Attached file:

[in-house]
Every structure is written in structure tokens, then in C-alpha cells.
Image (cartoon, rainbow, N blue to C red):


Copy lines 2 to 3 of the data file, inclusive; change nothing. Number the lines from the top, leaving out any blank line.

Every structure is written in structure tokens, then in C-alpha cells.
Image (cartoon, rainbow, N blue to C red):